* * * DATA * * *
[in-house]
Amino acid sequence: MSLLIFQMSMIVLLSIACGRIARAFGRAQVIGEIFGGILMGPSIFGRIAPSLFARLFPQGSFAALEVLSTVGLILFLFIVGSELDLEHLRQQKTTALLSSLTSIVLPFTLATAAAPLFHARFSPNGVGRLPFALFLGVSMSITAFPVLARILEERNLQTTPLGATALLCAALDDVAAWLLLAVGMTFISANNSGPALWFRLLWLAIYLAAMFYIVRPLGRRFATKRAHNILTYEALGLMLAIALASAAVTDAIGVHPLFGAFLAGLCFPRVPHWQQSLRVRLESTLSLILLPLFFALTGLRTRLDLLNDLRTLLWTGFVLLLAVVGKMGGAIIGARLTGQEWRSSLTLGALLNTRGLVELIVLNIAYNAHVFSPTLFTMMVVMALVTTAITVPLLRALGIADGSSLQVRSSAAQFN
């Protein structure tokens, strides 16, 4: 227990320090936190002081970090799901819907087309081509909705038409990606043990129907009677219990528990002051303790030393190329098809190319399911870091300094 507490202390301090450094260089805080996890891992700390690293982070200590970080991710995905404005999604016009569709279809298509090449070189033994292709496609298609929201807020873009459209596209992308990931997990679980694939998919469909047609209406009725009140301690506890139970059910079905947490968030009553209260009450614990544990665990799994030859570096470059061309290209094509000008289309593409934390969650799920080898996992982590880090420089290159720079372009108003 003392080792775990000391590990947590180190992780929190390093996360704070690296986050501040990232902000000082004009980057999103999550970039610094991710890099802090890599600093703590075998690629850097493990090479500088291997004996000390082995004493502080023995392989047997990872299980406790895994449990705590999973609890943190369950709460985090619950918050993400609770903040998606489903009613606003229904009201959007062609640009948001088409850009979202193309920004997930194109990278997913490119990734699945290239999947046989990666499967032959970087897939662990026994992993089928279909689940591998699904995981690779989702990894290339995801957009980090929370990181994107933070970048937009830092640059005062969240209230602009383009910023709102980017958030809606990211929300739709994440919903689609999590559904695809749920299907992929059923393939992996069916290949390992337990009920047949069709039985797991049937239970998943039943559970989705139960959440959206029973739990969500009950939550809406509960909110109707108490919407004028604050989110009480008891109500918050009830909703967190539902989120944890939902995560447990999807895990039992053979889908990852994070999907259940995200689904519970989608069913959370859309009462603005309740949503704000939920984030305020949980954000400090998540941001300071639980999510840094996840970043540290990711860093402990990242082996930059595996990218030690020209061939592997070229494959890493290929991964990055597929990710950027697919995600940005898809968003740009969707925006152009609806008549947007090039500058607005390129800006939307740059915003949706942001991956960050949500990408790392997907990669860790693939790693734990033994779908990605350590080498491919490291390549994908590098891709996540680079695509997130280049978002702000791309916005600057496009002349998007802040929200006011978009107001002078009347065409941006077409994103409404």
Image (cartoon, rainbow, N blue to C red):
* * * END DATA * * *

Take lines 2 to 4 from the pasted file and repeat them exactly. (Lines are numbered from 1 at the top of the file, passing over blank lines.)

Amino acid sequence: MSLLIFQMSMIVLLSIACGRIARAFGRAQVIGEIFGGILMGPSIFGRIAPSLFARLFPQGSFAALEVLSTVGLILFLFIVGSELDLEHLRQQKTTALLSSLTSIVLPFTLATAAAPLFHARFSPNGVGRLPFALFLGVSMSITAFPVLARILEERNLQTTPLGATALLCAALDDVAAWLLLAVGMTFISANNSGPALWFRLLWLAIYLAAMFYIVRPLGRRFATKRAHNILTYEALGLMLAIALASAAVTDAIGVHPLFGAFLAGLCFPRVPHWQQSLRVRLESTLSLILLPLFFALTGLRTRLDLLNDLRTLLWTGFVLLLAVVGKMGGAIIGARLTGQEWRSSLTLGALLNTRGLVELIVLNIAYNAHVFSPTLFTMMVVMALVTTAITVPLLRALGIADGSSLQVRSSAAQFN
């Protein structure tokens, strides 16, 4: 227990320090936190002081970090799901819907087309081509909705038409990606043990129907009677219990528990002051303790030393190329098809190319399911870091300094 507490202390301090450094260089805080996890891992700390690293982070200590970080991710995905404005999604016009569709279809298509090449070189033994292709496609298609929201807020873009459209596209992308990931997990679980694939998919469909047609209406009725009140301690506890139970059910079905947490968030009553209260009450614990544990665990799994030859570096470059061309290209094509000008289309593409934390969650799920080898996992982590880090420089290159720079372009108003 003392080792775990000391590990947590180190992780929190390093996360704070690296986050501040990232902000000082004009980057999103999550970039610094991710890099802090890599600093703590075998690629850097493990090479500088291997004996000390082995004493502080023995392989047997990872299980406790895994449990705590999973609890943190369950709460985090619950918050993400609770903040998606489903009613606003229904009201959007062609640009948001088409850009979202193309920004997930194109990278997913490119990734699945290239999947046989990666499967032959970087897939662990026994992993089928279909689940591998699904995981690779989702990894290339995801957009980090929370990181994107933070970048937009830092640059005062969240209230602009383009910023709102980017958030809606990211929300739709994440919903689609999590559904695809749920299907992929059923393939992996069916290949390992337990009920047949069709039985797991049937239970998943039943559970989705139960959440959206029973739990969500009950939550809406509960909110109707108490919407004028604050989110009480008891109500918050009830909703967190539902989120944890939902995560447990999807895990039992053979889908990852994070999907259940995200689904519970989608069913959370859309009462603005309740949503704000939920984030305020949980954000400090998540941001300071639980999510840094996840970043540290990711860093402990990242082996930059595996990218030690020209061939592997070229494959890493290929991964990055597929990710950027697919995600940005898809968003740009969707925006152009609806008549947007090039500058607005390129800006939307740059915003949706942001991956960050949500990408790392997907990669860790693939790693734990033994779908990605350590080498491919490291390549994908590098891709996540680079695509997130280049978002702000791309916005600057496009002349998007802040929200006011978009107001002078009347065409941006077409994103409404």
Image (cartoon, rainbow, N blue to C red):